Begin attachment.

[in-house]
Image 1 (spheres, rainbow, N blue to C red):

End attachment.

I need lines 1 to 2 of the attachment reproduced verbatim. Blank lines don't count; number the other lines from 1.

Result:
[in-house]
Image 1 (spheres, rainbow, N blue to C red):